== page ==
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Is Convenience Destroying Humanity?

Updated on June 13, 2014
Thousands of items are available at today's modern grocery stores.
Thousands of items are available at today's modern grocery stores.

Everyday new technology is developed to make some part of our lives easier and/or more productive. These technologies and innovations are contributing to the sedentary lifestyles that many of us have become accustomed to. Almost every device that has ever been invented (excluding medical advances of course) has contributed to the decline of our health. Ever wondered why America has an obesity epidemic? It's not just because of high calorie diets. A lot of the blame lies in the types of lifestyles that most people today choose to live. These lifestyles are directly supported and perhaps encouraged by our modern conveniences.

Screen Time

How much more time do you spend in front of a TV or the computer today than you did when you were young? The computer, and the endless things you can do with it, has been a major contributor to the obesity epidemic. A good number of jobs these days require employees to sit in front of a computer screen for several hours at a time. Aren't you doing that right now? When people get home from work, they use the computer again to check their email, look up recipes for dinner, and check their bank accounts. TV's also get turned on quickly. A 2009 study by the Nielson Company said that the average American spends more than 8 hours a day in front of screens (this includes TV and other screens). This means that a significant portion of an average American's day is spent being sedentary.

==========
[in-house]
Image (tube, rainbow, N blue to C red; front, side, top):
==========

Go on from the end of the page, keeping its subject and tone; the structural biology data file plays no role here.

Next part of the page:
Mobile devices are really no more healthy then their desktop counterparts either. Even most mobile phones are used while down (hopefully not while driving a car!). Mobile devices exist to make our life more convenient. Now we can get test messages, phone calls, and the Internet wherever we are whenever we want to. Because it's so easy to enthrall yourself into the internet on your phone or the latest addicting app, we tend to find more excuses to live a sedentary life.


Drive Time: Cars & Trucks

Cars are also a big item to blame for obesity and other diseases. While vehicles have allowed for many freedoms not afforded to us 100 years ago, they also have contributed to the decline of our health. The average commute time to work for an American is around 26 minutes. That's about 13.2 days per year spent sitting in a car. Think about that for a second. Almost two weeks of your life, per year, is spend sitting in a car driving to work. If you had chosen to walk or ride a bike to work instead, you could have burned enough calories to lose about 10 pounds of excess weight.

Let's not forget about the risks of injury or death associated with driving (or even being a passenger for that matter) in a car. According to the National Safety Council, there were more than 10,800,000 motor vehicle accidents in America in 2009. These accidents resulted in over 33,808 deaths and 2,217,000 injuries in that year. Statistically speaking each American will be involved in at least 3 car accidents within their lifetime. The numbers are staggering - this is why driving poses such a health risk to people.